Please remember that you only have one time to make a good first impression, be that a buyer or with other realtors, so please keep this in mind if you are a home seller with pets. You do not want to sabotage your chances of success by not being mindful of other people’s opinions of pets.

For more information on real estate or home downsizing please contact Nick Santoro or Joe Santoro of Personal Property Managers at 215-485-9272 or 908-368-1909. Personal Property Managers specializes in helping home owners transition from their home of many years into a new community. Personal Property Managers services Pennsylvania and New Jersey and offers downsizing services, estate sales services, home staging, discount full service real estate services via its association with EveryHome Realty. Learn more about Personal Property Managers from our recent News Stories.

Senior Hoarding – Signs and Game Plan

Senior Hoarding – Game Plan

Recognizing its signs and developing a game plan to address it

Helping Seniors Move in PA NJWe wanted to share with you an often confounding yet common situation when dealing with transitioning an elderly loved one from their home of many years into a senior care community, or perhaps your home or even settling their estate. We are specifically referring to senior hoarding. This is real and the condition is known as Diogenes syndrome, and it is more common than most people realize.

This is part of a continuing series of helpful articles from Joe Santoro and Nick Santoro of Personal Property Managers to assist you in home downsizing, content liquidation and full service discount real estate services. Personal Property Managers services clients in New Jersey and Pennsylvania.

Our senior loved ones are certainly part of the ‘greatest generation’ for sure. They have sacrificed for our nation, fought our wars, defended our freedom, were hard working Americans who put in long hours at work, saved and accumulated things over their lifetime. Now, as their caregiver, you may be faced with dealing with the task of trying to clean-up or sort through what they have accumulated over their lifetime. In many cases, the mass accumulation of things turns out to be senior hoarding. We often find homes with 4 or 5 blenders, toasters, lawnmowers, ladders, boxes of things that have never been opened or things never used and the list goes on and on…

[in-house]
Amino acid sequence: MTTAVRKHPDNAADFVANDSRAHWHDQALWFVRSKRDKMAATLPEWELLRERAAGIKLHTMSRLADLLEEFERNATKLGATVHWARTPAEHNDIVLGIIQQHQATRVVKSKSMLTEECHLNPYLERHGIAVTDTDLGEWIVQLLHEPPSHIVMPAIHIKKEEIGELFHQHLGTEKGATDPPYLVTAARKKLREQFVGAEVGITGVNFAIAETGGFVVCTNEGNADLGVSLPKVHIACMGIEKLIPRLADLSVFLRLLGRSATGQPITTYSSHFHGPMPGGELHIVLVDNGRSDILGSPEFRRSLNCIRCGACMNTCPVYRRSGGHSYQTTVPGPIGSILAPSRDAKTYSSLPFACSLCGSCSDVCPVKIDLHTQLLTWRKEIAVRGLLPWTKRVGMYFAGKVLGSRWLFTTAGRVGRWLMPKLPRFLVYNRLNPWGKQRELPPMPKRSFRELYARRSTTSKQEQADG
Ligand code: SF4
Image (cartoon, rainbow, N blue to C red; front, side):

Times have changed. Items that were valuable years ago are no longer desirable. Family members often have no use or desire to bring Grandma’s things to their home. Change can be hard, and sorting through a lifetime accumulation of possessions can be overwhelming to a senior who is already struggling with a loss of independence and to family members who are stressed out.

It is perfectly normal for an individual who has lived for many years in one location to acquire a lot of stuff, and for some individuals, letting go of the things they no longer need can be extremely difficult. Experts say seniors are prone to cluttering for a variety of reasons, including fear of loss, anxiety, and depression. Research also suggests that pre-Alzheimer’s personalities may trigger hoarding behavior, further complicating the issue for those already pre-disposed to this obsessive habit.